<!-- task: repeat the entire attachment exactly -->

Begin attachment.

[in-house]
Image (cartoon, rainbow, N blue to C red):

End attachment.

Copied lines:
[in-house]
Image (cartoon, rainbow, N blue to C red):